Although the hymns of today’s feast are very touching and edifying in themselves, it wouldn’t be unfruitful to gather the salvific impressions received from them, especially focusing on one thing—that these saving impressions not be immediately obliterated upon leaving the church. A solemn, festive word should serve this purpose. However, my present homily won’t be such, although aware of my duty, I am resolved to open my mouth and not remain silent on this present feast.
Without dwelling on individual impressions caused by this feast that has arrived, let us now dwell on the general sentiment with which we experience these impressions. Turning to the impressions of childhood, probably everyone remembers those minutes in his life when the feast of the Nativity of Christ made his child’s heart flutter with joy. This feast inspired, enlivened, and gladdened the heart. But after childhood passes, do most people experience such a sentiment? There are not a few such people for whom the great day of the feast is no different from other days of the year: They don’t esteem one day above the other (Rom. 14:5), but not because they dedicate every day to the Lord equally, as the Apostle teaches, but because they treat all feast days with equal coldness.
Such cooling comes from the fact that in the days of childhood a simple and pure faith lived in the soul, but then the soul seemed to be riddled with doubts, like the walls of a ship, pierced everywhere by deadly weapons during a bombardment. And it is with such a ship that many, perhaps the majority of modern Christians, have to cross the stormy sea of life. Perhaps our ancestors were happier because, although they were sometimes no strangers to coarse passions and vices, even indulging in them sometimes on the days of great feasts, the very root of the spiritual life, of faith, was preserved intact in them. With this, even after the Fall, it was easier to direct life according to the commandments of Christ and show the highest impulses of the soul to good.
Now the coarse passions don’t always manifest in people in their former uninviting nakedness—their service has become more covert and refined—but without the light of faith, life has become even more gloomy. Many no longer even feel they can go on living, such that the slightest reason is enough for them to end their life by suicide. Moreover, if now the manifestation of certain passions has become more refined, that absolutely doesn’t mean that people have become freer from them. On the contrary, we can say that people’s attachment to the earth with its goods and pleasures is only growing and deepening.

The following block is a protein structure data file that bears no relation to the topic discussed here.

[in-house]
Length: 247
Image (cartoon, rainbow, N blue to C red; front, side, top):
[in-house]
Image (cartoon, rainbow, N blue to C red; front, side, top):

It is this deepening attachment to the earth with its deeds, cares, and thoughts, and nothing else that kills faith, clipping its wings. After all, we’re observing a decline in faith not only in God and His Christ, but even in everything sublime and holy.
For example, how rarely we find in modern people even a completely disinterested attraction to any arts! Art is the fruit of free inspiration, but it also attracts modern people a little by itself: Even when they give themselves up to the impulses of this inspiration, they don’t stop searching for the gratification of their selfish inclinations.
That’s why, if we find faith in modern people, even completely wistful, sometimes directly contradicting reality, it’s only in relation to what feeds the love of the earthly carnal life: They don’t want to believe in Eden, which the incarnate Son of God opened to men, but they willingly believe in dreams of the earthly paradise of socialists. That’s why so many people today connect the idea of the present feast not with the Church hymns that make it a spiritual celebration, but first of all with the amusements of various kinds of theaters, dances, masquerades, dressing up, fortune-telling, and so on. At the least, it’s not the hymns of the feast that are dearest to the hearts of such people.
Oh, if the sublime hymns of today’s feast would raise and revive our spirit, and not just the flesh, which constantly and strenuously fights against the spirit (Gal. 5:17). For this is why “God has come down to earth,” according to the Church hymn, “that He might raise us up to Heaven.”1 It wasn’t for this that God appeared in the flesh (1 Tim. 3:16), that we might live according to the flesh, according to our carnal passions and lusts, but to help us be delivered from them. This is why He partook of the infirmities of our human nature, so that He could be the faithful guide to the Heavenly Father for those of us who are beset by the infirmities of the flesh. If The first man is of the earth, earthy, then the second man is the Lord from Heaven… And as we have borne the image of the earthy, we shall also bear the image of the Heavenly (1 Cor. 15:47, 49). May the hymns of the present feast revive love for Christ in us, which was nurtured in us from the days of childhood, so that being led by Him, we might be more easily preserved from the temptations and deeds of darkness on this bright feast; so that we, like the foolish Galatians, in the words of the Apostle, having begun with the spirit, might not end with the flesh (cf. Gal. 3:3)!
And if we’re unable to do this ourselves, let us more often call out with the holy Church: “From the night of deeds of dark delusion we watch vigilantly, and sing to Thee, O Christ, as to our benefactor. Come to us and grant us cleansing: Make the path easy for us, whereby we may ascend and so attain to glory!” That is, come to us, who now, upon awakening from the night of the deeds of dark delusion sing a hymn to Thee, Christ, as benefactor: come and grant purification and a trustworthy path along which we will attain to glory.2